Is it possible to create primary key without auto_increment flag in ActiveRecord?

I can't do

create table :blah, :id => false

because I want to have primary key index on the column. I looked up documentation but didn't find anything useful.

Is it possible to create primary key without auto_increment?


Try this?

create_table(:table_name, :id => false) do |t|
  t.integer :id, :options => 'PRIMARY KEY'
| improve this answer | |
  • 4
    This did not work for me with mysql2 adapter and Rails 3.2.13 – Blake Miller Jul 31 '13 at 1:15

Okay, the question is old and the OP did not specify versions. None of the answers given here worked for me with these versions:

mysql2 0.3.11
rails 3.2.13 
mysql 5.5

I ended up going for this:

class SomeMigration < ActiveRecord::Migration
  # emulate a primary_key column without auto-increment
  # the solution here is to use a non-null integer id column with a unique index
  # this is semantically different from PRIMARY KEY in mysql but not
  # _too_ functionally different, the only difference is that mysql enforces
  # no-more-than-one-primary-key but allows >1 unique index
  def up
    create_table :foobars, :id => false do |t|
      t.integer :id, :null => false
      t.string :name
    add_index :foobars, :id, :unique => true

I hope that saves someone out there from spending time tracking this down, or worse ... using the answer without checking what it does to the db ... because the result of using either sojourner's or jim's answers (with my versions of the dependencies) is that the migration runs fine but NULL ids are allowed, and duplicate ids are allowed. I did not try Shep's answer because I don't like the idea of db/schema.rb being inconsistent (+1 to Shep for being explicit about that shortcoming, sometimes that'd be a Bad Thing)

I'm not sure the significance of this, but with this solution, mysql describe shows it as a primary key, same as an AR table with default :id ... as in:

table with AR default :id

| Field               | Type         | Null | Key | Default | Extra          |
| id                  | int(11)      | NO   | PRI | NULL    | auto_increment |

table with my solution:

| Field        | Type         | Null | Key | Default | Extra |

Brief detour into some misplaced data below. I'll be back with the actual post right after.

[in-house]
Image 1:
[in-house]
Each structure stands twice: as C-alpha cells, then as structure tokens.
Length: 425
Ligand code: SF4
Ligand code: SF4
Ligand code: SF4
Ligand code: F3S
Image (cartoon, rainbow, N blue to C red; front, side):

| id           | int(11)      | NO   | PRI | NULL    |       |

which is sort of interesting because the SQL generated by the migration with my solution does not include "PRIMARY KEY" (of course) ... but with AR default :id it does ... so it seems mysql, at least for describe treats a non-null unique-indexed key as a primary key

HTH someone

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  • If you use your approach of :id => false, remove the the add_index :id and instead use execute 'ALTER TABLE foobars ADD PRIMARY KEY (id);' after the create_table, you'll get a true primary key column and index. This should be ANSI SQL-92 compliant DDL. – ches Dec 6 '13 at 19:17
  • 1
    Although it won't make it into schema.rb, ugh. – ches Dec 6 '13 at 19:22
  • Only the add_index method needs a change, I think it should be add_index :foobars, :id, :unique => true , otherwise it was giving me some error. – inquisitive Jan 20 '15 at 10:56
  • 1
    Good solution @BlakeMiller -- to get it to work (I'm using Rails 5.1.3) I also had to add this to the top of the model class: self.primary_key = 'id' – bjnord Aug 31 '17 at 19:21

That didn't work for me, but the following did:

create_table(:table_name, :id => false) do |t|
  t.column :id, 'int(11) PRIMARY KEY'

Only problem is that you lose it in the schema.rb.

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You can create a table like this:

class CreateUsers < ActiveRecord::Migration
  def change
    create_table :routers, { id: false } do |t|
      t.integer :id

    execute "ALTER TABLE routers ADD PRIMARY KEY (id);"

And that really works in Rails 4.0.2 and Postgresql 9.3.2.

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  • This seemed to do what I wanted for rails 4.2 and mysql... I did change slightly to t.integer :id, null: false – Intentss Feb 2 '15 at 18:32

To disable auto increment as of Rails 5 you can simply pass

default: nil

for instance

create_table :table_name, id: :bigint, default: nil do |t|
  # ... fields ...
| improve this answer | |

In Rails 5 you can do

create_table :blah, id: :integer do |t|

If you want to change the name of primary key column pass primary_key parameter:

create_table :blah, id: :integer, primary_key: :my_awesome_id do |t|

See create_table documentation.

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  • id: :integer still creates an auto incrementing primary key. – Omnilord May 28 at 6:46
  def change
    create_table :tablename do |t|
      # t.string :fieldname

   change_column :tablename, :id, :bigint, auto_increment: false

Notice: Since Rails 5.1 default primary keys are bigint. http://www.mccartie.com/2016/12/05/rails-5.1.html

If you want 4-byte key change :bigint to :integer

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